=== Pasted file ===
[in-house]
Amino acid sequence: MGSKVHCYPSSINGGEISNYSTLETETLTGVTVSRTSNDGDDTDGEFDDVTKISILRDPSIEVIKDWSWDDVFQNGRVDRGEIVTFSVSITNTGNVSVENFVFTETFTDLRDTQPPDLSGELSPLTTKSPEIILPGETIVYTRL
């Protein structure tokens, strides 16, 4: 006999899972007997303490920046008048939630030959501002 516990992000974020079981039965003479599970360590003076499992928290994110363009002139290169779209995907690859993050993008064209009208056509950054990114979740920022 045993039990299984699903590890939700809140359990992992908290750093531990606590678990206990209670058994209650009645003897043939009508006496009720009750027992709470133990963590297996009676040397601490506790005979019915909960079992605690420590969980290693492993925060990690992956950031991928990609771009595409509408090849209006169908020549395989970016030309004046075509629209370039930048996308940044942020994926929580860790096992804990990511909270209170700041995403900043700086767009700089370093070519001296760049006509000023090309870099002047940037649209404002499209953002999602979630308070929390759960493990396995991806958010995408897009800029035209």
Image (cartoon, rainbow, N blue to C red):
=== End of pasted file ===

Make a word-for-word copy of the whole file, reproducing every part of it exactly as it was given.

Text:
[in-house]
Amino acid sequence: MGSKVHCYPSSINGGEISNYSTLETETLTGVTVSRTSNDGDDTDGEFDDVTKISILRDPSIEVIKDWSWDDVFQNGRVDRGEIVTFSVSITNTGNVSVENFVFTETFTDLRDTQPPDLSGELSPLTTKSPEIILPGETIVYTRL
């Protein structure tokens, strides 16, 4: 006999899972007997303490920046008048939630030959501002 516990992000974020079981039965003479599970360590003076499992928290994110363009002139290169779209995907690859993050993008064209009208056509950054990114979740920022 045993039990299984699903590890939700809140359990992992908290750093531990606590678990206990209670058994209650009645003897043939009508006496009720009750027992709470133990963590297996009676040397601490506790005979019915909960079992605690420590969980290693492993925060990690992956950031991928990609771009595409509408090849209006169908020549395989970016030309004046075509629209370039930048996308940044942020994926929580860790096992804990990511909270209170700041995403900043700086767009700089370093070519001296760049006509000023090309870099002047940037649209404002499209953002999602979630308070929390759960493990396995991806958010995408897009800029035209």
Image (cartoon, rainbow, N blue to C red):